interview with architect jurgen mayer h.
 
interview with architect jurgen mayer h. interview with architect jurgen mayer h.
aug 20, 2014

interview with architect jurgen mayer h.

jurgen mayer h. photographed by paul green

 

 

 

jürgen mayer h. founded his berlin-based studio, J. MAYER H. in 1996. its work covers everything from urban planning schemes and buildings to installations and objects. jürgen’s work has been published and exhibited worldwide. he told designboom about his fascination with envelope patterns and love for contemporary classical music.

 

 

designboom: what originally made you want to become an architect?

 

jürgen mayer h. : when I was 16 years old, I saw a photo of erich mendelsohn’s now demolished department store ‘schocken’ in stuttgart. I was already interested in sculptures and art work that you can walk through and walk around. that photo however triggered an excitement in me to know more about architecture. I studied architecture at stuttgart university, the cooper union in new york and then at princeton university. in 1996 I founded the studio J. MAYER H..

JMAYERH_OLS_Photo_DavidFranck_01
OLS house, stuttgart, germany
photo by david franck

 

JMAYERH_OLS_Photo_DavidFranck_02
OLS house, stuttgart, germany
photo by david franck
see more about this project on designboom here

 

 

 

DB: how would you describe your architectural approach?

 

JMH: our studio, focuses on works that are at the intersection of architecture, communication and new technology. one major investment in our work is looking at expanding the material of architecture, beyond say just building material. the influence of new media and new materials now expands our understanding of ‘space’ as a platform for communication and sociocultural interactivity. we look closely at the site, critically rethink the program and try to extract something that is special to the specific location. we believe that architecture should work as an activator to move people from a passive mode of expectation to an involved level of participation and attention.

 

 

DB: who or what has been the biggest single influence on your work?

 

JMH: contemporary classical music and architects such as frederick kiesler are among the biggest influences – along with many others.

http://www.jmayerh.de/files/jmayerh_hasselt_rrichter_0013.jpg
hasselt court of justice, hasselt, belgium
photo by philippe van gelooven

 


hasselt court of justice, hasselt, belgium
see more about this project on designboom here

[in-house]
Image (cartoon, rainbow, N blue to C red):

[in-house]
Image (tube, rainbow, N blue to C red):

DB: what do you consider your strongest skill to be?

 

JMH: thankfully patience and curiosity are good companions of mine.

 

 

DB: do you draw often?

 

JMH: I work with all kinds of media, designing and experimenting with physical models, drawing by hand, working on the computer and sometimes just taking a walk in the woods.

 

 

Reststop01
gas station, gori, georgia
photo by jesko malkolm johnsson-zahn

 

Reststop02 
gas station with supermarkets, farmers’ markets and exhibitions for arts and crafts.
photo by jesko malkolm johnsson-zahn
see more about this project on designboom here

 

 

 

DB: how do you think online resources have influenced architecture?

 

JMH: communicating and mediating architecture – both built and unbuilt – has moved it to another level. it’s enhanced the exchange of ideas and has taught us how to stay critical towards ones own design process.

j. mayer h.: rapport   experimental spatial structures
‘rapport’ experimental spatial structures exhibition at berlinische galerie, berlin, germany
photo by ludger paffrath

 

 

 


‘rapport’ at berlinische galerie, berlin, germany
see more about this project on designboom here
photo by ludger paffrath

 

 

 

DB: what are you currently fascinated by and how is it feeding into your work?

 

JMH: I have a huge collection of patterns that are found on the inside of envelopes – data-protection patterns. I have about 300-400 different patterns now, and I’m planning to archive them properly. we published a selection of them as a source book with hatje cantz called ‘wirrwarr‘, a kind of found-object book. I’m still collecting them and the pile is growing all the time.

parasol_franck0409
metropol parasol, seville, spain
photo by david franck

 

parasol_franck0860
metropol parasol, seville, spain
photo by david franck

 


the metropol parasol while under construction
photo by fernando alda
see more about this project on designboom here

 

 

 

DB: what are you passionate about besides your work?

 

JMH: right now it’s the music of conlon nancarrow – a composer who lived in mexico city.

 

 

DB: what do you know now that you wish you knew at 21?

 

JMH: it’s good to know that you never really know – that applies to the present, the future and the past.

BorderCheckpoint02_Jesko-Johnsson-Zahn
border checkpoint, sarpi, georgia
photo by jesko johnsson zahn

 

BorderCheckpoint01_Jesko-Johnsson-Zahn 
border checkpoint, sarpi, georgia
photo by jesko johnsson zahn
see more about this project on designboom here

 

 

 

DB: what’s your personal motto?

 

JMH: that’s personal!

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